- Associated Press - Thursday, May 26, 2011

JOPLIN, Mo. (AP) — As emergency workers searched Thursday for more than 230 people on a list of the missing after a tornado smacked into Joplin, one of them was sitting in a wooden chair outside the wreckage of her home, cuddling her cat.

Sally Adams, 75, said neighbors rescued her Sunday after the storm destroyed her house and took her to a friend’s home. When the Associated Press told Ms. Adams she was on the missing list, she laughed and said, “Get me off of there!”

Missouri officials earlier said they believed many of the missing were safe and alive but simply hadn’t been in touch with friends and family, in part because cellphone service has been spotty.

The AP found that was the case with at least a dozen of the 232 still unaccounted for Thursday. Along with Mrs. Adams, it found two survivors at a hotel and six who a relative said were staying with friends.

Ms. Adams said she lost her cellphone in the storm and had no way of contacting her family to let them know she was OK. She was placed on the missing list after relatives called a hot line and posted Facebook messages saying she was missing.

Her son, Bill Adams, said he told authorities his mother was alive after he learned she was safe, yet she remained on their unaccounted-for list at midday Thursday.

Mike O’Connell, spokesman for the Missouri Department of Public Safety, said he wouldn’t call Mrs. Adams‘ listing a mistake. He urged other survivors to check the list and call if they see their names.

Not all of the stories of people on the list will end so well. The tornado killed at least 126 people and some of their families waited Thursday for their names to be released.

Still, some of the bodies have yet to be identified. Andrea Spillars, deputy director and general counsel of the Missouri Department of Public Safety, said officials know some of the people unaccounted for are dead, but she wouldn’t say how many or when the names of the deceased would be released.

Chris Haddock, 23, said his father was one of the deceased on the missing list. A commercial truck driver found 62-year-old Paul Haddock’s body in his pickup truck behind a flattened Wal-Mart.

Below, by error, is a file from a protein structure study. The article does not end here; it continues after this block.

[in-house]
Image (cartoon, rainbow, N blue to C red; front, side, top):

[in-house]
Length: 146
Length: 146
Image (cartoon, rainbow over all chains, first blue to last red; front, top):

“They found his wallet and his cellphone in his pocket,” Chris Haddock said. “That’s how they know it’s him.”

In another example of the potential overlap: 12 residents of the Greenbriar nursing home are listed as missing, but nursing home administrators reported earlier that 11 people died in the tornado. Only one resident was known missing.

One of the 12 listed as missing from Greenbriar is Dorothy Hartman, an Alzheimer’s patient. Pamela McBroom, 49, who lives near the nursing home, said one of her daughters used to work there, developed a soft spot for Mrs. Hartman and introduced them. Ms. Hartman was frail “but very positive and full of life,” she said.

Mrs. McBroom said she and her 16-year-old daughter were hiding in a closet when the tornado tore their walls and roof away. Her walls gone, Ms. McBroom could see the mayhem at Greenbriar.

“I could see people flying out of the nursing home by my house,” Ms. McBroom said. “I could hear them screaming. Just screaming. It was horrible.”

Nursing home officials haven’t said whether Mrs. Hartman was one of the 11 who died.

Identification of the deceased has been slow because officials have taken extra precautions since a woman misidentified one victim as her son in the chaotic hours after the tornado hit, Newton County coroner Mark Bridges said.

A federal forensics team of 50 to 75 disaster mortuary specialists has been at work in six refrigerated trucks, collecting DNA samples for testing, taking fingerprints, and looking for tattoos, body piercings, moles and other distinctive marks. Mr. Bridges expected as many as 19 bodies would be released by Friday morning.

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